Squid Game star and newly minted Emmy winner Lee Jung-jae makes his feature directorial debut with Hunt, a spy thriller that elicited an overwhelming WTF reaction from critics at TIFF. Though ever more Korean cinema has crossed over with English-speaking audiences over the last 20 years, there remains a distinct divide in how narratives operate respectively in Korean and western cinema, and Hunt is a perfect distillation of that division. Genre and tone are less hardline in Korean cinema, melodrama is not written off as “silly” or “indulgent”, and third act finales can sometimes feel like another movie entirely (Parasite has a little bit of this feeling). Hunt is a spy thriller and a political film and an action blowout and a melodrama about frenemies locked in a death spiral. It’s doing all of these things at once, and quite well. And yes, the third act is totally over the top, but it’s also totally rad.
Besides directing, Lee also co-wrote Hunt along with Jo Seung-Hee, and he produced it and stars as Park Pyong-ho, a South Korean intelligence officer in the 1980s, at the height of South Korea’s military dictatorship and the burdensome bureaucracy that comes with it. (A fun double bill would be Armando Iannucci’s Death of Stalin and Hunt.) Park is an experienced agent, head of the Foreign Unit, and he is tasked with uncovering a North Korean spy known as Donglim, who is leaking high-level information. Also tasked with finding Donglim is Kim Jung-do (Jung Woo-sung), a former military officer turned agent who runs the Domestic Unit. Park and Kim already have a tense relationship, as Kim oversaw Park’s torture during a previous period of internal suspicion, and now the two men, who are competitive and constantly at loggerheads, are charged with investigating each other as Donglim.
Hunt is half grounded spy/political thriller about the dying days of a dictatorship and the bureaucracy and brutality it nurtures, and it’s half action movie, with car chases, gun fights, and a finale that would fit right into a James Bond film. It’s the clash of these tones, with the added dash of melodrama between the leading men, that audibly troubled the TIFF audience. Lee smoothly switches between brutal, gut-wrenching torture scenes and big, classic action set pieces including a spectacular shootout in the streets of Tokyo. That whole scene is stellar, it’s complete chaos and yet you never lose track of the geography of the fight. As for the torture scenes, they are not gratuitous yet still communicate the harshness of the regime and the lack of care for real justice, just so long as SOMEBODY confesses to something, anything.
Park is buttoned up and good at his job, yet he has already suffered a great deal because of this kind of witch hunt within his agency before. And Kim has his own ghosts, as he is plagued by memories of a government-sanctioned civilian massacre that left thousands dead. Lee and Jung are excellent, and the way Park and Kim wear on each other adds another layer of tension to the film. Not only are they each trying to find Donglim, they are also trying to keep their own asses out of the frying pan, and as the stress builds, they start making increasingly bold decisions that further ratchet up the stakes. Watching these two cool customers slowly devolve into paranoid monsters is half the fun of the film (the other half is the action).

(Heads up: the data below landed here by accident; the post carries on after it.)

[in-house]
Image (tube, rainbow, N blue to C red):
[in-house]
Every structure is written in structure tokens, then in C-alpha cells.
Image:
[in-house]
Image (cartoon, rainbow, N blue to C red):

As Park and Kim dig deeper into one another in ever less subtle ways, the melodrama quotient of the film rises, and the tonal clash of those frank torture scenes and scenes of Park and Kim nitpicking each other grows ever sharper. By the time the film reaches its climax, Hunt feels like an altogether different film, which isn’t unusual for Korean cinema, but could feel strange to audiences used to films staying in one genre box the whole time. The obvious comparison is the shocking party scene in Parasite, but Hunt goes about it a thousand times bigger, with such “let 'er rip” gusto you have to admire Lee’s ambition for that final set piece. A better comparison might be RRR, this year’s crossover Tollywood hit which features a scene in which a guy throws a leopard at another guy’s face (RRR is dope, watch it). Hunt has similar leopard-throwing energy in its final act, minus the leopards.
Lee’s command of the small-space, tense espionage and political elements makes Hunt believable even as the larger plot spins out in new directions, and the action sequences are genuinely thrilling, even when Lee flirts with comedic elements mid-scene (another tonal shift to challenge audiences, flipping from deadly serious “interrogation” scenes to pratfall-strewn fist fights). And at the heart of Hunt is the tortured relationship between Park and Kim, two men who simply cannot coexist yet also can’t outfox each other. They are evenly matched adversaries, each fighting the same stifling bureaucracy, and in the end, maybe Hunt is a tragedy because in a kinder world, these two would be best friends running Korean intelligence together. But such a thing is not possible in a world where anyone can be a traitor, in this world, there can only be allegation and accusation. Hunt, lest ye be hunted.
Hunt will be released exclusively in North American theaters in December 2022.